- The Enterprise
- The Recorder
Jeremy Hunter caught the bug for theater arts in high school, learning that theater was a welcoming place where he was free to be himself.
After a few years outside the theater world, Hunter, 24, jumped back in with both feet and now entertains audiences on stage at the College of Southern Maryland, where he is a theater student.
Like many of his classmates, Hunter is up for national recognitions.
He is currently competing for a Kennedy Center American College Theater Festivals Irene Ryan scholarship.
Keith Hight, associate professor and coordinator for theater and dance at CSM, said several theater students have had a lot of national exposure and colleges look for them to perform for their schools.
He said that is a good sign of the quality of work students put into the program.
Hunter said the arts department deserves some recognition if nothing else, just by having more people come out to enjoy the shows and galleries.
He said the department works hard to provide audiences “the next closest thing to a professional show.”
The department puts on 14 to 16 shows a year, Hight said, and each one is rehearsed and performed with the highest of expectations.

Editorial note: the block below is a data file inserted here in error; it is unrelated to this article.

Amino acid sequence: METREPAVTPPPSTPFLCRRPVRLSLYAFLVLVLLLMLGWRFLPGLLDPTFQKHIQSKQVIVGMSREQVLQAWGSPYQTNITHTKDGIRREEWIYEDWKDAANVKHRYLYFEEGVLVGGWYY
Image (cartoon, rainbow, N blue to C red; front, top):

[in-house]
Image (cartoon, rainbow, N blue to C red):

Hunter said when one comes to a performance at CSM, whether it’s a concert or a play, “the music is going to be sharp, the show is going to be everything you expect and more.”
The shows at CSM, Hight said, provide high-quality entertainment with a cast that has the same work ethic as those in professional theater.
“We have just as high of standards as they do,” he said.
An example of a high-quality show coming up is “Unleashed! The Secret Lives of White House Pets,” a children’s theater show coming in February.
This show, Hight said, was commissioned by the Kennedy Center, and CSM’s performance will be the first time it’s shown outside of the center.
“I Never Saw Another Butterfly,” Hight said, is a Cause Theater show dealing with the Holocaust.
In addition to the show, the lobby of the theater will be transformed into a mini-Holocaust museum with thousands of hand-decorated butterflies representing the 150,000 children who died during the Holocaust.
“Snow White Goes West,” coming in March, is a western take on the classic Snow White story, Hight said.
Hight would like to see more people stop by the school for a show, rather than going past their stage and up to places like Washington, D.C., to see the very same show.
“We have some wonderful artists come in and perform. The frustrating thing is that people don’t come in,” he said.
Upcoming performers include Pennsylvania-based soprano Marian Murphy Powell, coming in April as part of the Ward Virts Concert Series.
Hight said those who come out for a show at CSM will get a professional experience, more bang for their buck and a quality show.